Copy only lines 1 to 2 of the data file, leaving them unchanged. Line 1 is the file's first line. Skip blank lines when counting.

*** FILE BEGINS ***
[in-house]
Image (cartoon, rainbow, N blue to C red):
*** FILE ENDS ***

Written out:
[in-house]
Image (cartoon, rainbow, N blue to C red):